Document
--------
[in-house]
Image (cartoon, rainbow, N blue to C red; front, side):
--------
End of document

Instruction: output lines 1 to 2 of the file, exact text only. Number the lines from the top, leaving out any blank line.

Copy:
[in-house]
Image (cartoon, rainbow, N blue to C red; front, side):